Peg Kehret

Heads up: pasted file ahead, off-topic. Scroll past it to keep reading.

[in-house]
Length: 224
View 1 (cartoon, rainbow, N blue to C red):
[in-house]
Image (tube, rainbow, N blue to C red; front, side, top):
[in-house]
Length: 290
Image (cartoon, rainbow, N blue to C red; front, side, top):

Peg Kehret (Margaret Ann Schulze, born November 11, 1936) is an American author, primarily writing for children between the ages of 11 and 15. Kehret was born in La Crosse, Wisconsin. After a normal childhood, she contracted polio at age 12 or 13 in 1949. Her infection, which occurred along with 42,033 other cases, involved each of the three types of polio damage: spinal, respiratory, and the least common kind, bulbar. The infection left her paralyzed her from the neck and down and also resulted in a nine-month hospital stay. The experience changed Kehret\'s life, as she describes in her memoir Small Steps: The Year I Got Polio. Most of Kehret\'s books are based on events and places in her life. For example, The Ghost\'s Grave; there used to be a small cemetery up the road where she lived as a child, with the same name on a grave stone as the one in the book. <br><br> In 1955, she married Carl Kehret; they moved to California and adopted two children, Bob and Anne. Before Kehret began writing children\'s books she wrote plays, radio commercials and magazine stories. In 1978, the Kehrets moved to Washington. Carl died on April 28, 2004. She has a great grandson and 4 grandkids. Kehret and her polio memoir won the 1998 Dorothy Canfield Fisher Children\'s Book Award, annually determined by a vote of Vermont schoolchildren, and the 1999 Mark Twain Readers Award, a similar annual book award determined by a vote of Missouri schoolchildren in grades 4 to 6. The Missouri award recognized four of her books from 1999 to 2012<Br> Source: <A Href=\"Https://En.Wikipedia.Org/Wiki/Main_Page\" Target=\"_blank\" Rel=\"Me Nofollow\"> Https://En.Wikipedia.Org/Wiki/Main_Page</A>